Just so… blah. None of the “villains” were worthy of the name.
Yondu (Michael Rooker) as a space hillbilly was more suited for Firefly than GotG. Why? Why would a Centaurian sound like a backwoods possum hunter? But he did have one badass scene.
The Nova Corps was… no. I really can’t go on. John C. Reilly and Glenn Close were punching so beneath their collective weight. They deserved a much better film. And the Nova Corps space net? People laughed aloud in the theater. It was meant to be awe-inspiring, not giggle inducing.
From the melodramatic opening, to the wholesale Raiders of the Lost Ark rip-off first action sequence, to Djimon Honsou having absolutely shit to do but get talked down to and have his ass kicked, to the potted Groot dancing at the end, this film was just a huge disappointment to me.
Yes, there were some highlights. The ship designs were rather interesting. Some of the costuming choices were stellar. Knowhere was one of two decent uses of both IMAX and 3D. It was incredible. The other great use was when Groot illuminates the darkness. So many kids in the theater were trying to grab the little pieces of light. Otherwise, the IMAX and 3D were rather pointless and did not enhance the story.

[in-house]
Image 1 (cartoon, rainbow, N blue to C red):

Oh yeah. The story.
The pacing was off. It wasn’t like it was a broken rhythm to toss the audience off guard, but it felt arrhythmic — like being in a car that is lurching along because of an improper fuel/air mix. There was no time to bask and consider. It wasn’t too fast or slow — just too neither.
Here is the story overview: outlaws with a certain amount of empathy elevate themselves above their mutual animus and band together to save the galaxy from a bad guy with a jewel that can wipe out planets. Once again, a genre film boils down to a bad guy with a bad machine that can ruin all of your Sundays.
For a galaxy-spanning adventure story, there sure were a lot of white people. Even the pink and blue people were white. Where were my AAPI folks? Latin folks? People will point to both half-Filipino Dave Bautista’s Drax and Puerto Rican Benicio Del Toro’s The Collector — which was one of the great wastes of talent in a film — as a nod toward diversity. If you can count them, it is still not progress.
It is a shame that my biggest emotional investment in the film was a mixtape. And how in the hell did Peter Quill install a cassette player in his ship?
Ugh. Damn, Marvel. Your Disney is showing.